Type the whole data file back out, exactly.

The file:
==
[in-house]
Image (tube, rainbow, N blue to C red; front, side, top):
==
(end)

[in-house]
Image (tube, rainbow, N blue to C red; front, side, top):